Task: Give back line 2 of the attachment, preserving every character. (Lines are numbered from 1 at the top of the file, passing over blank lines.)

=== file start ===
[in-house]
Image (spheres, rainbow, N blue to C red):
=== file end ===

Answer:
Image (spheres, rainbow, N blue to C red):